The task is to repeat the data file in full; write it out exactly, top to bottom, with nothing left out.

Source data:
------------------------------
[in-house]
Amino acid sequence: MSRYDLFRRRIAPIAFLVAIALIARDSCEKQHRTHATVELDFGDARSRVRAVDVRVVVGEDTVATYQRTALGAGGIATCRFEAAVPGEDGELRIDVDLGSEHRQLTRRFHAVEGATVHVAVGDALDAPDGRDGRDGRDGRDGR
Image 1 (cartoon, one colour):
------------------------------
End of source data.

[in-house]
Amino acid sequence: MSRYDLFRRRIAPIAFLVAIALIARDSCEKQHRTHATVELDFGDARSRVRAVDVRVVVGEDTVATYQRTALGAGGIATCRFEAAVPGEDGELRIDVDLGSEHRQLTRRFHAVEGATVHVAVGDALDAPDGRDGRDGRDGRDGR
Image 1 (cartoon, one colour):